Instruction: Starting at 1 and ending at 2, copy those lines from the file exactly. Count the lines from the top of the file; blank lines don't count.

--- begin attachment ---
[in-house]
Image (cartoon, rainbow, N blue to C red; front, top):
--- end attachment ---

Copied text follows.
[in-house]
Image (cartoon, rainbow, N blue to C red; front, top):